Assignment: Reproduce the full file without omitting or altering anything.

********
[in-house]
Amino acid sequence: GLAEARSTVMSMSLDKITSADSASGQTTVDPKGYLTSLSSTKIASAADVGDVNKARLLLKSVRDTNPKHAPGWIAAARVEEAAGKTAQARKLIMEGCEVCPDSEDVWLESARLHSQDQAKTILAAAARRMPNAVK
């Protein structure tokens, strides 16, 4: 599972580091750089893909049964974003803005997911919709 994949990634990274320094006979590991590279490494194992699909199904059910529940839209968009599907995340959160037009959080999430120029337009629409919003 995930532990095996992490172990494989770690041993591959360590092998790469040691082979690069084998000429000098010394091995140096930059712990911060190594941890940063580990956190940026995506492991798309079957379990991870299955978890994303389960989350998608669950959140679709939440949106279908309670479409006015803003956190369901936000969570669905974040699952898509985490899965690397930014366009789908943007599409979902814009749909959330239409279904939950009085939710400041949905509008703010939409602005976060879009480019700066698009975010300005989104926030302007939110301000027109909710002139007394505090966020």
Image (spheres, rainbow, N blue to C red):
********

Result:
[in-house]
Amino acid sequence: GLAEARSTVMSMSLDKITSADSASGQTTVDPKGYLTSLSSTKIASAADVGDVNKARLLLKSVRDTNPKHAPGWIAAARVEEAAGKTAQARKLIMEGCEVCPDSEDVWLESARLHSQDQAKTILAAAARRMPNAVK
């Protein structure tokens, strides 16, 4: 599972580091750089893909049964974003803005997911919709 994949990634990274320094006979590991590279490494194992699909199904059910529940839209968009599907995340959160037009959080999430120029337009629409919003 995930532990095996992490172990494989770690041993591959360590092998790469040691082979690069084998000429000098010394091995140096930059712990911060190594941890940063580990956190940026995506492991798309079957379990991870299955978890994303389960989350998608669950959140679709939440949106279908309670479409006015803003956190369901936000969570669905974040699952898509985490899965690397930014366009789908943007599409979902814009749909959330239409279904939950009085939710400041949905509008703010939409602005976060879009480019700066698009975010300005989104926030302007939110301000027109909710002139007394505090966020």
Image (spheres, rainbow, N blue to C red):